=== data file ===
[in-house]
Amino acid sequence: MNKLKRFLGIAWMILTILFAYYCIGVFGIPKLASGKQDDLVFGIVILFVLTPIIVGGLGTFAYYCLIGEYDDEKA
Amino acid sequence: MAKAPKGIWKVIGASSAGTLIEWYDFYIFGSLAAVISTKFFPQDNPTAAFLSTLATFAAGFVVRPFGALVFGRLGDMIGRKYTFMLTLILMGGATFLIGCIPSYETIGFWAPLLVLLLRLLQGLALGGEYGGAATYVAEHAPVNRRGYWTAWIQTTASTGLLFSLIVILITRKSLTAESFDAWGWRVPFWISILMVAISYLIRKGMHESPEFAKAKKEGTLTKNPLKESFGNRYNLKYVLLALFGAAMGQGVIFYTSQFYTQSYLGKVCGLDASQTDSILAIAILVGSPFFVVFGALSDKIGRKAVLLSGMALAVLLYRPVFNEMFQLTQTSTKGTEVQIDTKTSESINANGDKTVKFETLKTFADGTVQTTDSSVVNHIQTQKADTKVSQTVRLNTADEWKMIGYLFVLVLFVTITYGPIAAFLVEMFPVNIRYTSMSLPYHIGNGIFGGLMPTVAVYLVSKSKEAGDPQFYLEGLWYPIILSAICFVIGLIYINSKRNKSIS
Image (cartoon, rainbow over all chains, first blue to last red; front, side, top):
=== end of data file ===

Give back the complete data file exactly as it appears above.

[in-house]
Amino acid sequence: MNKLKRFLGIAWMILTILFAYYCIGVFGIPKLASGKQDDLVFGIVILFVLTPIIVGGLGTFAYYCLIGEYDDEKA
Amino acid sequence: MAKAPKGIWKVIGASSAGTLIEWYDFYIFGSLAAVISTKFFPQDNPTAAFLSTLATFAAGFVVRPFGALVFGRLGDMIGRKYTFMLTLILMGGATFLIGCIPSYETIGFWAPLLVLLLRLLQGLALGGEYGGAATYVAEHAPVNRRGYWTAWIQTTASTGLLFSLIVILITRKSLTAESFDAWGWRVPFWISILMVAISYLIRKGMHESPEFAKAKKEGTLTKNPLKESFGNRYNLKYVLLALFGAAMGQGVIFYTSQFYTQSYLGKVCGLDASQTDSILAIAILVGSPFFVVFGALSDKIGRKAVLLSGMALAVLLYRPVFNEMFQLTQTSTKGTEVQIDTKTSESINANGDKTVKFETLKTFADGTVQTTDSSVVNHIQTQKADTKVSQTVRLNTADEWKMIGYLFVLVLFVTITYGPIAAFLVEMFPVNIRYTSMSLPYHIGNGIFGGLMPTVAVYLVSKSKEAGDPQFYLEGLWYPIILSAICFVIGLIYINSKRNKSIS
Image (cartoon, rainbow over all chains, first blue to last red; front, side, top):